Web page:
I was hoping to learn if you thought a travel router would be a good choice to replace our router in Mexico so that we are able to access US streaming through our VPN? It would become our new permanent router there. And/or would we able to use 2 routers with the same VPN, one for other travel and one for our Mexico residence?

December 28, 2023 at 1:54 pm

Happy to try to help with your travel router and VPN questions. So it sounds like a permanent router would be best for your Mexico home and most home routers by GLiNet, Netgear, and many other brands will support a VPN. So for example, this one by GL.iNet should work find as a home router with a VPN service. A home router is going to be larger (so not ideal for travel) but is going to generally perform better overall than a small travel router and have more features, so best to stick to that for home use.

It sounds like you also want a more portable travel router for when you travel internationally to other locations outside of Mexico and the USA? And in that case, most of the midrange and above travel routers support VPN services. You just want to avoid the really cheap ones. Any of the GLiNet travel router options we recommend above such as the Slate or Beryl models should work fine with most VPN services and they are really good travel routers as well. Just see our recommended list above.

And yes, you should be able to use the same VPN service across your home and travel routers. If you stick to the same brand across your routers, it might be a bit easier with configuration but it probably doesn’t make too much difference.

It sounds like you probably already have a VPN service for traveling, but if not, Laurence made a guide and a list of VPNs for traveling here that might be useful.

Hope that helps but just let us know if you have any further questions!

December 28, 2023 at 4:49 pm

Big thanks, Jessica – all VERY helpful information to make my learning curve more bearable.

I will look further into supporting your sites.

Much appreciation,

December 29, 2023 at 6:32 pm

You’re very welcome, and just let us know if you have further questions as you do any further research on routers and VPNs!

Patricia Post author

September 18, 2023 at 9:00 am

Do I need any cabling to use these travel routers with an iPad Pro. Looking at the photos they seem to have Lan connectors and usb sockets , but at the moment at least iPads don’t have either of these. Please advise. I need the router to connect to Wi-Fi when the signal is weak but I would also like it to be as secure as possible thank you. Great reviews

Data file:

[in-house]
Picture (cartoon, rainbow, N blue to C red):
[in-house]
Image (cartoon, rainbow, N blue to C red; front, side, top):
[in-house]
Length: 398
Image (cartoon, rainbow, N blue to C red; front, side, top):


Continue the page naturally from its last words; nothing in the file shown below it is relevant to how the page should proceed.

September 18, 2023 at 9:55 pm

Hi Patricia,

No, you don’t need any cables to be able to use any of the recommended travel routers with your iPad Pro, they all can be used with WiFi with your devices. However, most also allow for LAN Ethernet connectivity if you need a wired connection and many also have USB ports. But most people just use their devices over WiFi so you would be fine with any travel router if you are just needing to mainly connect your devices for security, easier connectivity, and extending existing WiFi.

Bob Simmons Post author

July 2, 2023 at 10:05 am

Thanks for the great article. My issue is with WiFi that requires payment after entering password. Also each device requires payment. On a cell phone, after logging in, it pops up a window (browser?) where you enter the credit card info. Do any of these travel routers have that capability, to enter payment information? Reading the user manuals it appears the answer is no. In your travels maybe you have encountered this issue.

July 4, 2023 at 9:34 am

It’s our pleasure, and we will do our best to try to help you.

So the window that pops up to take payment is called a captive portal, and it’s the same thing you often encounter even with free Wifi where it might ask you to enter your name or e-mail address to access the internet. All the travel routers on our list support this, so you can log in and pay if necessary for internet access. A window will pop up on the first device you connect with where you can pay. A pop-up blocker or ad blocker might stop it from happening but in our experience a browser window normally just appears to log in with.

Let us know if you have any more questions!

Laurence & Jessica

Luke Post author

May 25, 2023 at 5:08 am

Just want to say thanks for the sharing informative article, very helpful in choosing the best travel router for our next trip!

June 2, 2023 at 4:39 am

You’re very welcome and glad to hear you found the best travel router for your upcoming travels! And thanks for taking the time to comment.

B.Balakrishnan Post author

May 19, 2023 at 4:04 am

This blog post on the best travel routers for the internet while traveling in 2023 is a lifesaver! Staying connected on the go is crucial, and these router recommendations are just what I needed. Thank you for the helpful insights!

May 21, 2023 at 9:50 am

Hi there, So glad you found our travel router review helpful. Just let us know if you have any questions!

Arnold Machel Post author

April 23, 2023 at 9:08 am

Thanks for the great article. I’ve used a travel router for years and found them super helpful, especially in situations where I want to use a portable Chromecast, but the hotel WiFi security settings won’t it allow to connect directly to the hotel WiFi.

I am now using a laptop that needs a high wattage charger (ideally 65 watts) and would love to finde a travel router with that kind of charging capability, but I can’t seem to find the technical stats on most of them. Any thoughts?

April 24, 2023 at 1:28 am